Just a remembrance of a revolt of religious fanatics, Jewish ones (fundamentalists?) against those lovable, rational, cultured, Hellenizers who were ruling Judea at the time.  Lots of Jew-honchos thought the way to go was to get with the Greco-civilization program, but Judas Maccabeus disagreed.  He and his terrorist crew decided to kill off the collaborators and make things hot for the Greeks.  Well, that’s my reading of it, and I tend to side with the moderates. 

Miracles and God, and candles burning on despite the lack of oil, that was all embroidered on later.

If, then…

April 5, 2009

if_roof malcolm_mcdowell1

If… , a film by Lindsay Anderson that introduced Malcolm McDowell to the world in 1968.  The tale of a an oppressive English public, i.e., private school, and the violent rebellion it engenders, or does it?  One of those films I’ve heard about for years, and finally saw.  A film that is often referred to with terms like iconic of the 60’s.

In the lengthy notes with the Criterion DVD, Lindsay Anderson says that he didn’t intend this film to be like those other works of the 40’s and 50’s in which middle-class Englishmen reveal just how frightfully awful their childhood experiences  in school were (cf. George Orwell and Roald Dahl).   Well, that’s exactly how it appeared to me!  McDowell comments that Anderson was a celibate homosexual – he never came out – so perhaps he was repressing more than his erotic urges.

The film is rather long, and nearly all of it is about the brutality, indignity and stupidity of the school social life, in which new boys are “scums” to be ordered around as slaves by upper-classmen, and a few “whips” rule the student body like dictatorial dandies, using the cane and other punishments to keep everyone in line.  All of this is tacitly accepted by the school masters:   no doubt they were brought up the same way.  It’s all rather boring.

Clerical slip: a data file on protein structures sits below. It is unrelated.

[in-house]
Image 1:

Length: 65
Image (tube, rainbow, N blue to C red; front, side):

Still, I couldn’t get the film out of my head.  Mostly it’s McDowell, as Travis, who is weird, confused, but basically humane, keeping his sanity by hanging out with two like-minded friends.  He is the center of the film, with his adolescent glorification of violence and rebellion – pictures of Che and guerilla fighters are pinned up over his bed with the sexy girls – and his superficial praise of war.  But what do you expect?  He’s just a kid, trapped, by his parents and British society, in this idiotic, destructive system that explicitly glorifies, and trains boys for war.

The film is sometimes realist, sometimes comically satiric.  It shifts at random from color to black and white.  Dreamlike scenes are interspersed without explanation, e.g. the school mistress walking naked through the boys’ dormitory while they are away.

In the end, Travis and his confederates smoke everyone out of the chapel during an assembly and then open fire on them from a roof.  The military men in the crowd return fire.  The film ends with a close shot of McDowell gunning away.  Shown realistically, the sudden cutaway at the end leaves us concluding it was a dream.  “What I would do to these sods if…”

Many have commented on the “political” nature of the film, but I can’t see it.  Nobody in it rebels against the system in reality.  It’s a story about successful of indoctrination of youth.  After all, Anderson himself commented that there is a lot of “affection” for the school in it.